Yeah, yeah. Honestly, a lot of the rental stuff I love, I just put together a playlist for a music blog called ugly hug, and it was a challenge not to include any rental stuff, honestly, but I do listen to in a lot of just old country music, a lot of you know stuff from Nashville, from the 50s through 70s. George Jones is one of my favorite singers, and I listen to a lot of George Jones. That's kind of like when I'm by myself, because I feel like nobody else wants to listen to George Jones with me, but he's, I think, the best singer who ever lived. He's, he's just my top favorite. But I listen to a lot of, a lot of electronic he's, like old electronic music. There's this movement of of called, what's called Cosmic music from the 70s in Germany, like craft work. We're kind of part of that world. There's a band called Harmonia, a band called cluster. A lot of kind of like ambient, experimental electronic music from from 50 years ago, I'm kind of obsessed with but I don't know a lot of singer songwriter stuff too. I don't listen to music as much as I used to. As I find I spend a lot of time thinking about music. And I'll go for a drive and I'll go hours without listening to anything, but I will be thinking about songs, and I often find that almost as rewarding experience. So I don't know why that it is. I just I feel like I'm I'm taking in less music than I used to, but I find I'm thinking about music a lot. Really liked the last Cindy Lee album, Diamond Jubilee, and when I was on tour this summer with my friend kareemah Walker, we listened to that in the car an awful lot. Yeah,

Livi Schwartz 37:10
do you feel yourself drawn? I'm gonna back up actually. So yeah, like being more intentional about what, like how you're consuming music. I was curious, I guess, if you feel drawn to other projects that like, feel like they're part of, like, this greater world, like we talked about earlier with the songs, about places where you can, like, really feel it like that is that something that attracts you to certain artists or songs. Sometimes,

Speaker 1 37:43
I know what you mean. Yeah. I mean, sometimes you'll hear music that just it comes to you with no context, and the mystery can be really exciting and to wonder about. I mean, I listen to a lot of music from other countries too, and I listen to a lot of singers who are singing in other languages. And I was just talking, I have a 12 year old kid. We were just talking about this. There's this Japanese song that they were excited to play me, and it's all in Japanese. And I was like, Do you know what they're singing about? And they didn't know the lyrics, but they were just kind of, they told me what they thought the song might be about, just based on, like, the feeling of the music. And we were talking about how when you listen to music from a different place, and you're just responding to the sound of the music and the emotion and a singer's voice, you can project so much onto that. And I think that's that can be a really thrilling way to listen to music where you kind of can fill in a lot of the blanks. So taking music with like less context, I think, can be really exciting. But what I tend to do was, when I find music like that, is I'll start to do research, and I'll figure out where someone's from, and kind of get more of their life story, and then you'll start looking for other music that's happening at the same time, where you'll find out, like, Oh, this is this, the songwriter also did this, or this producer also recorded these other bands at the same time. And I love doing that research and kind of building out a world like that. I read a lot of music biographies, actually, and I love just knowing the context that music came from? Yeah, just to be able to attach a geographical location and, you know, point in history that music came from, I don't think it's essential to enjoy music, but I think it just enriches the experience to know, to know more about the context. Yeah, no, I think I kind of go down a lot of rabbit holes. I watch a lot of documentaries, I read a lot of memoirs, and I just read a book about Creedence Clearwater Revival, who were a band that went to the rival high school that my parents went to, and the early version of credence when. They were called the Blue velvets. They played it like my parents homecoming dance. My parents have really, I mean, I grew up listening to credence as credence, the same credence tape in my dad's car all the time, and remember my parents telling me the story of, like, yeah, we met, you know, we met John Fogerty and him, and him and the band played at our high school, and then by the time credence blew up, they were already rooting for them, because they knew that they were like local El Cerrito guys. So credence always reminds me of my parents. So reading that book and reading about is the all the East Bay, California. So I mean, that's I have a really personal connection to, just for that reason. But I love, I love knowing the situations and you know the people and the you know everything going on behind the music and be just a nice history lesson too.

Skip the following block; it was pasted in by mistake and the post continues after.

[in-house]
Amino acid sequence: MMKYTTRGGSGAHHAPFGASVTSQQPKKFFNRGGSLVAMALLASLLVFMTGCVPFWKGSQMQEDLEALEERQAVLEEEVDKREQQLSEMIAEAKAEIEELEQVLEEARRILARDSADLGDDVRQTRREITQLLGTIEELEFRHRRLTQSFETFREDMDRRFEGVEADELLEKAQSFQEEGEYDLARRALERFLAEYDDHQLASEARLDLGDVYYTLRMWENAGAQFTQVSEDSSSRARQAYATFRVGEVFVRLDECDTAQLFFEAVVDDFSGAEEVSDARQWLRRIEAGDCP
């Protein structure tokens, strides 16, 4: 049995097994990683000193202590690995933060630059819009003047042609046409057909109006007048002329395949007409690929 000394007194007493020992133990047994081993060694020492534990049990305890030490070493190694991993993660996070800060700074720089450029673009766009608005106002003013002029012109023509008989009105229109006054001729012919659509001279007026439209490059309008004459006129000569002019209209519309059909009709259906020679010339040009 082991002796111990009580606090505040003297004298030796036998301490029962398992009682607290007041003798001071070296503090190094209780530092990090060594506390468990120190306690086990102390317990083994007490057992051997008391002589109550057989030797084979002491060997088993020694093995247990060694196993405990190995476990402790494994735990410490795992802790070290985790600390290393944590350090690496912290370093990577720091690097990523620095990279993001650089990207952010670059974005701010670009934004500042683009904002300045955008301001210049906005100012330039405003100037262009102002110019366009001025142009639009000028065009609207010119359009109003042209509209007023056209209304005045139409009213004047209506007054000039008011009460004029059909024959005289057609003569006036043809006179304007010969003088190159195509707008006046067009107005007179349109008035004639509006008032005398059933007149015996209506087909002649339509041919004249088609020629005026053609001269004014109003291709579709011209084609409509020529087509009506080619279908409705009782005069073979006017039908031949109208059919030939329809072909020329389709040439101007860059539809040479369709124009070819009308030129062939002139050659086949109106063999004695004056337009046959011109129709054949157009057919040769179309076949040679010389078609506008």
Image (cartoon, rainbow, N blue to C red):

Livi Schwartz 40:58
Absolutely, like putting it in context and like, being able to relate to it like that makes it so much better. I think, yeah, yeah. I think that might about wrap up every question I had. Was there anything you want to talk about, or anyone you want to expand on?

Speaker 1 41:17
I should just probably mention, yeah, the twinkle echo reissues coming out on a rindl and beginning of August, and then, fingers crossed, the new advanced bass album will be out end of the year on run for cover and Arundel records, run for cover is the label in Boston that CO released Animal companionship. They've been really wonderful partner to work with. Yeah, they're putting out the new album. The new album was called horrible occurrences. And, yeah, it's all done. I just got to finish mixing it and then send it to vinyl production. But hopefully, you know, by December, it'll be out. Amazing,

Livi Schwartz 42:01
great. Well, thank you so much for joining me. This was I was freaking out, but oh well,

Speaker 1 42:07
thanks for asking, and thank you for the thoughtful questions. It was really nice talking to you.

Livi Schwartz 42:13
Yeah, great. Talking to you too. Thank you so much for listening again. This was DJ cherry headache with wknc 88.1 FM, HD, one Raleigh joined by Owen Ashworth from advanced Space. Thank you so much For listening and goodbye. You

Transcribed by https://otter.ai

 Owen Ashworth of Advance Base